As Britain tries to recover from its economic crisis and announces a new Prime Minister, Rishi Sunak, who is of Indian and East African descent, perhaps there would be better coverage for the migrant population in the country.
By Sybil Fekurumoh
Over the past few weeks in the UK parliament, the global audience has witnessed the resignation of Liz Truss as Prime Minister, the stepping down of the Home Secretary, Suella Braverman, and the firing of the Chancellor of the Exchequer, Kwasi Kwarteng. Interesting times, truly. But amidst all the squabbles, one of the deliberations made by the now reinstated Home Secretary, Braverman, is to reduce the rates of issuance of work visas, and a clampdown on the student population and dependants immigrating into the country. A move, which Braverman suggests, would lessen the existing pressures on the country. The subject of migration, as we know, has always played a significant role in global politics, and as some have suggested, such policies, if put in place, may likely affect Nigerians who intend to migrate the most.
More often than not, there is much more focus on the remittance inflow and its economic benefits for Nigeria from its migrant population in the Diaspora. After all, the majority of remittance into sub-Saharan Africa is sent to Nigeria, which in turn, makes up a great deal of revenue for Nigeria. In contrast, very little is said about how migrants help the economy of the countries they immigrate into. Also, migrants from Nigeria are oftentimes portrayed negatively in the press, such as we read of immigrants trying to illegally enter foreign countries. The recent is the deportation of some Nigerians who illegally tried to enter the UAE. It also does not help when representatives of the Nigerian government or other Nigerian citizens contribute to that stereotype. For instance, Abike Dabiri-Erewa, chairperson of the Nigerians in Diaspora Commission, accused Nigerians of peddling drugs, becoming gang members, and constituting a nuisance in Indonesia.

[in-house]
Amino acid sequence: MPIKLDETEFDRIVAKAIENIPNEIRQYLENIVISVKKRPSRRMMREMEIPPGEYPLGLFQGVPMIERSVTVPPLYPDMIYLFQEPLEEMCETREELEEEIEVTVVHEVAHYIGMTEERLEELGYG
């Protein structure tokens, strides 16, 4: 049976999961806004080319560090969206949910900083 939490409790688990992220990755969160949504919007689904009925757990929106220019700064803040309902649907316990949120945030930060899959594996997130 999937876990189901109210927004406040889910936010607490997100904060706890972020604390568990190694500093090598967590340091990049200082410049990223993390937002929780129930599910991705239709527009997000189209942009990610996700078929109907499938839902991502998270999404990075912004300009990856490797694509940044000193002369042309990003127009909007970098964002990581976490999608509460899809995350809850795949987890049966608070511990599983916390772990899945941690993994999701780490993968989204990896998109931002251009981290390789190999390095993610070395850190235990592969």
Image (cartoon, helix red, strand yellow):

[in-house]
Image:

But contrary to what is portrayed in the media, a good population of Nigerian migrant population lives in the UK legally, and impart significantly to its society. To begin, migration takes the best of Nigeria’s young and vibrant talent abroad, and people who move to the UK do so to find better work opportunities and career advancement.
Over the past five years, the number of people emigrating from Nigeria has increased exponentially. More people are still vying to leave the country. This, among other reasons, can be attributed to the dire economic situation in Nigeria, a lack of work opportunities, and problems of insecurity. Additionally, the temporary suspension of academic activities by university academic staff in the nation also caused students and lecturers to seek better chances abroad, the former for better education, and the latter for better work employment. In the health sector, over 5,000 doctors have migrated to the UK in the past eight years. Individuals with business and technical skills are taking advantage of the UK Global Talent Visa, to as well, migrate to the UK. In 2019, Nigeria ranked second after India for nationalities granted work visas. The Nigerian student population has risen to 64 percent in the past year, and accordingly, in the case of postgraduate students, reports have shown that 40 percent of dependants who move to the UK accompanied foreign students.